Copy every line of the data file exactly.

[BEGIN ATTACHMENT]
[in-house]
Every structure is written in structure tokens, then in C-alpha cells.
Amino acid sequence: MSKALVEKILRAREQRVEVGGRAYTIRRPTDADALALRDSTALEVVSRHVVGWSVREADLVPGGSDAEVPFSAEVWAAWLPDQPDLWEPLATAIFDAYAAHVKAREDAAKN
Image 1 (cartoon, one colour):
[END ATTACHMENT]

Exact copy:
[in-house]
Every structure is written in structure tokens, then in C-alpha cells.
Amino acid sequence: MSKALVEKILRAREQRVEVGGRAYTIRRPTDADALALRDSTALEVVSRHVVGWSVREADLVPGGSDAEVPFSAEVWAAWLPDQPDLWEPLATAIFDAYAAHVKAREDAAKN
Image 1 (cartoon, one colour):